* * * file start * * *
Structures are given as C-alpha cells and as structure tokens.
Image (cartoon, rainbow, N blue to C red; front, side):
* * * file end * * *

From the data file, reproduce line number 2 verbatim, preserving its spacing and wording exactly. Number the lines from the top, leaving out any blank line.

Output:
Image (cartoon, rainbow, N blue to C red; front, side):